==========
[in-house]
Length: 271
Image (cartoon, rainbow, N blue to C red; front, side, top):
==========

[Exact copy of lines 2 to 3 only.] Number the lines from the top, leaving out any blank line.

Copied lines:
Length: 271
Image (cartoon, rainbow, N blue to C red; front, side, top):